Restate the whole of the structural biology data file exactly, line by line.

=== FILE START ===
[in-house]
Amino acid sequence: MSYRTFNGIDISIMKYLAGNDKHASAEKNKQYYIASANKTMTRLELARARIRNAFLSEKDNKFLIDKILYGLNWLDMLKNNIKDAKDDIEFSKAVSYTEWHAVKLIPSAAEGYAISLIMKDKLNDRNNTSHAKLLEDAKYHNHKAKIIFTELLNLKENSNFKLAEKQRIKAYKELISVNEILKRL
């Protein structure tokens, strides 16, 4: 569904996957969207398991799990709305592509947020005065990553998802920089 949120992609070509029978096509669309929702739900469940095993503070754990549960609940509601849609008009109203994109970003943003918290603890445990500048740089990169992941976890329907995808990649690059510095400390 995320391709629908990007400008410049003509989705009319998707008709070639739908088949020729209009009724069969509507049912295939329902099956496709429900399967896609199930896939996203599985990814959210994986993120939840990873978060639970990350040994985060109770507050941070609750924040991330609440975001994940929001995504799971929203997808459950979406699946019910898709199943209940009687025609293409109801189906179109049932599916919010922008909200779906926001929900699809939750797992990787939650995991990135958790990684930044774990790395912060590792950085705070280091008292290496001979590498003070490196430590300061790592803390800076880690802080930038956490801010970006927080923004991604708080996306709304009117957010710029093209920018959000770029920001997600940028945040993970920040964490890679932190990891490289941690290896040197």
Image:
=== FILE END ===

[in-house]
Amino acid sequence: MSYRTFNGIDISIMKYLAGNDKHASAEKNKQYYIASANKTMTRLELARARIRNAFLSEKDNKFLIDKILYGLNWLDMLKNNIKDAKDDIEFSKAVSYTEWHAVKLIPSAAEGYAISLIMKDKLNDRNNTSHAKLLEDAKYHNHKAKIIFTELLNLKENSNFKLAEKQRIKAYKELISVNEILKRL
């Protein structure tokens, strides 16, 4: 569904996957969207398991799990709305592509947020005065990553998802920089 949120992609070509029978096509669309929702739900469940095993503070754990549960609940509601849609008009109203994109970003943003918290603890445990500048740089990169992941976890329907995808990649690059510095400390 995320391709629908990007400008410049003509989705009319998707008709070639739908088949020729209009009724069969509507049912295939329902099956496709429900399967896609199930896939996203599985990814959210994986993120939840990873978060639970990350040994985060109770507050941070609750924040991330609440975001994940929001995504799971929203997808459950979406699946019910898709199943209940009687025609293409109801189906179109049932599916919010922008909200779906926001929900699809939750797992990787939650995991990135958790990684930044774990790395912060590792950085705070280091008292290496001979590498003070490196430590300061790592803390800076880690802080930038956490801010970006927080923004991604708080996306709304009117957010710029093209920018959000770029920001997600940028945040993970920040964490890679932190990891490289941690290896040197």
Image: